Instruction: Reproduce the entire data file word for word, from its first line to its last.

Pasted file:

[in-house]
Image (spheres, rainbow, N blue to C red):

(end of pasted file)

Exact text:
[in-house]
Image (spheres, rainbow, N blue to C red):